What happened in Vegas last night is not staying in Vegas.
Details are still foggy and the motives are unclear. The death and injury tolls have continued to climb, and questions are more numerous than answers.
The obvious responses are already being trotted out – gun control, terrorism, stop the hate, etc.. But with few answers, the most genuine response is probably “what the hell is going on?!”
What is going on in our country? What is going on in our world?
The barrage of natural disasters lately is inexplicable, but we don’t expect to understand “Acts of God” like these. We do, however, expect to be able to understand people.
Yet if we look around of late, we seem to be understanding each other with decreasing frequency. We disagree on fundamentals, and we have an incredibly hard time speaking to others who don’t see things the way we do. Why is that? How is it that as we continue to progress as a species - as our technology develops at an ever-increasing pace, as we find cures to life-threatening diseases and solutions to problems that stumped and threatened our ancestors, as we mature as a global civilization and create systems that are able to unite and uplift people across the globe – how is it that we simultaneously find ourselves in this moment of increasing vitriol, division, and inexplicable violence?
We might have thought that a more connected and technologically advanced planet would lead to a more peaceful and collaborative lifestyle for all of us. But while it is clearly true that more people worldwide are exposed to greater opportunity, freedom, independence, and comfort, it is also clear that our hopes of an elegant utopia are still more a figment of our yearning than a reflection of our reality.
And this ought to give us pause. Not just long enough to mourn the victims; not just long enough to blame the perpetrator and rail at all of those who we consider to have abetted, enabled, or encouraged him; not just long enough to rue the state of the world and console ourselves with the cop out that life sucks or none of it makes sense. We ought to pause a bit longer than ordinary to really consider what the hell is going on.
How many acts of violence will it take before we stop and say enough is enough? Where is that tipping point where people refuse to continue in this trajectory and band together to make a genuine difference? And what would that look like? An earnest commitment on the part of millions of us to make a significant change in the status quo – how would that manifest itself?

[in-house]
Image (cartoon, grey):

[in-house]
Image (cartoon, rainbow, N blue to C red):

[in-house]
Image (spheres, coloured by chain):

And perhaps most practically, what can each of us really do in the face of such a pervasive culture of conflict where discourse is so dysfunctional and anger is so easily triggered?
What we need at this moment, more than ever, is a recommitment to the values of respect, communal responsibility, and common courtesy. While the problems we face as a society are global and complex, the first and most important step in addressing them is very personal and simple. When each of will take responsibility for our words and our actions, when we will commit to tempering our emotions and treating one another with decency and empathy, then we will begin to find ways to work through our disagreements and discover common ground.
What happened in Vegas last night must not stay in Vegas. It must inspire us around the country to reconsider our attitudes toward, and our treatment of, those with whom we interact, whether in the workplace, in our homes, on the internet, or any venue in which we find ourselves.
Perhaps we can begin with a simple pledge (which one is free to make standing, kneeling, sitting, or in whatever position one prefers):
I pledge to communicate with respect and civility with those I encounter whether they share my views or see the world differently. I will do my best to recognize our commonality and to admit that I am no more perfect or immune to error than any other. I will try to maximize my patience and minimize my aggression. I will work to hear other perspectives and offer my own in a spirit of collaboration and mutual benefit. I will not allow our society to continue be torn apart, and I will work to find opportunities for collaboration and reconciliation.
Please feel free to share this pledge if you agree, to suggest changes or additions if you like, or to provide other ideas of how to best respond to last night’s events in Vegas.